Rick Bragg's best books are about his home and the people he always loved. Once again, in The Most They Ever Had, he takes readers back to Jacksonville, Alabama, and tells the story of the strong people who lived there, and the tragedy of their lives in the mills.
One of the tragedies is that most of them never realized the tragedy, that they were making a living at the expense of their health. But, the mill was still working until 2001, while other textile mills across the South closed, sending the work to Mexico or China. And, despite the lint that destroyed their lungs and their health, or the machine accidents that took limbs, the people of the mill town needed those jobs. One by one, Rick Bragg, puts faces to those people. They were people, like his brother, Sam, who worked in the mill, so Bragg could go to college. These were hard-working people who didn't want much, parents who wanted "just a decent home, a good-running pick-up, and a like-new car every few years."
This is a story of plant closings and lay-offs, a story of the last few years in the United States, but it's a story with faces and personalities, thanks to Bragg. There's Homer Barnwell, who fought through World War II, and couldn't face the mill for long after he returned. He left the mill, but it was his town, and his people, and he stayed there. Clay Hammett told the story of the Nine, the mill's baseball team that was embraced by the entire community during the '20s, '30s, and '40s. And, Charles Hardy's story will break your heart, a man who lost his talent, and his arm, to the mill. It's the story of hard-working men and women who only wanted a decent life.
But, the story of the mill in Jacksonville is also the story of its manager, William Greenleaf. He represents so many rich men who didn't care what happened to the working men. He represents the men who even in the last year or so, retired with money and land while the workers lost their jobs.
No one is as eloquent in speaking for his people as Bragg. And, in this book, he brings them to life, while telling not only their story, but the story of so many workers. And, he reminded me so much of my father's story. No, he didn't have it as bad as the mill workers. But, he always referred to himself as a displaced farm boy, a man who went into the service because he was drafted, and then came home to marry, raise a family, and farm. But, he couldn't raise children, and give them a better future, sending them to college, as a farmer. And, he couldn't own a house as a farmer, the job he loved. So, like so many of Bragg's people, he left that life behind, went to work for DuPont, and, when that plant closed, for Columbia Gas, and then, finally, Chrysler. They were jobs he hated, shift work that might have led to his early death, but he and my mother brought us up in a nice home, sent us to a Catholic school, and put three daughters through college, all with advanced degrees. Even then, he was never happier than when he was out in his garden, as close to the farm as he could get.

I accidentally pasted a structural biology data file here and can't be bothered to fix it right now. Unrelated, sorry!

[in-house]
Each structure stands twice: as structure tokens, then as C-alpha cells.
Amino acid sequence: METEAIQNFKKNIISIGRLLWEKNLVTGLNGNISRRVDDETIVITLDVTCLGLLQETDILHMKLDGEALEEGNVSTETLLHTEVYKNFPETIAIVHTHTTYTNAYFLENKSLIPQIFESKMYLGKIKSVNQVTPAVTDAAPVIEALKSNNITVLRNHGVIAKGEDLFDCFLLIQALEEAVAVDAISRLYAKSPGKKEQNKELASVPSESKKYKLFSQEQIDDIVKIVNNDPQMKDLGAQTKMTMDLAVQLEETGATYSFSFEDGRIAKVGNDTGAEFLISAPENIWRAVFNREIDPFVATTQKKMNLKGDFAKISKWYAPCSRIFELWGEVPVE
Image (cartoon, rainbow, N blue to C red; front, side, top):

So, thank you, Rick Bragg, for telling the story of your people. and allowing me to add the story of my father, Randy Growel. He was another working man who gave so much to provide a future for his children. The Most They Ever Had might be the about the life of one community, but it also represents our parents, who gave so much so we could have better jobs. Sad, isn't it, that our parents jobs have disappeared, along with so many of our jobs today? Bragg knows, and, reminds us, that all most of us want in this country is, "just a decent home, a good-running pick-up, and a like-new car every few years." Thank you, Rick Bragg, and, thank you, Dad.
The Most They Ever Had by Rick Bragg. MacAdam/Cage, ©2009. ISBN 978-1596923614 (hardcover), 250p.
Rick Bragg and Me
Dad and me, 1957